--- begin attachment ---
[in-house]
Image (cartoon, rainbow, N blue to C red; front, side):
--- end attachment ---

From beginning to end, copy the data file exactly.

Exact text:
[in-house]
Image (cartoon, rainbow, N blue to C red; front, side):